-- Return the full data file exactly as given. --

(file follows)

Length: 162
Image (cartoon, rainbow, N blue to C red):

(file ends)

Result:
Length: 162
Image (cartoon, rainbow, N blue to C red):